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Rural bankers predict recession in 2023 as Iowa’s economy slows in October


Iowa’s rural economy slumped in October as indexes for farmland prices and new hiring performed at lower levels than in the previous month, according to a monthly survey of rural bank managers.

Creighton University’s Rural Mainstreet Index showed that the index for Iowa fell to 45.6, down from 48 in September. The state’s farmland price index dropped to 60.4 from 64.7 in September, and the new hiring index in October was 51.8 down from 52.3.

The index is a snapshot of the economy in 10 rural agriculturally and energy-dependent states, focused on about 200 communities with an average population of 1,300.

It ranges from zero to 100, with a score of 50 representing neutral growth.

The index for the overall region covered by the survey fell to 44.2, down from 46.2, the fifth straight month it has fallen below growth-neutral.

“The Rural Mainstreet economy is now experiencing a downturn in economic activity,” Ernie Goss, the Jack A. MacAllister chair in regional economics at Creighton University, said in the report. “Almost one in four bankers, or 23.1%, reported that the economy was already in a recession. Approximately, three of four bankers expect a recession to begin in 2023.”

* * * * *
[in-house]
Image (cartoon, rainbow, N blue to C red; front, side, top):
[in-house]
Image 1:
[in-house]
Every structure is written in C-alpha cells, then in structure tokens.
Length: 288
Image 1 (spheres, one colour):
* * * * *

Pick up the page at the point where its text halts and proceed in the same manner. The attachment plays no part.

The farm equipment sales index fell below growth-neutral for the second time in three months, dropping sharply to 47.8, from 58 the previous month.

The loan volume index also fell but remained well above growth-neutral at 76.8, and the new hiring index for the region remained unchanged in September, but continued below growth-neutral at 49.2.

The survey’s home sales index sank to 36 in October, from 46.2 in September.

Despite weak performances in other components of the survey, the retail sales index rose to 50, up from 46 the previous month, according to the report released on Oct. 20..

The higher reading in October did not impress bankers, however, Goss said.

“Bankers were not optimistic about the Christmas and holiday buying season as they expect growth at less than 1.0%, or 0.8%, from the 2021 season,” he said.

That outlook carried over into the region’s confidence index, which fell nearly 10 points to 30.8 in October, down from 40.7 in September, its lowest level since the early days of the coronavirus pandemic.

“This is the lowest reading for the confidence index since May 2020,” Goss said.

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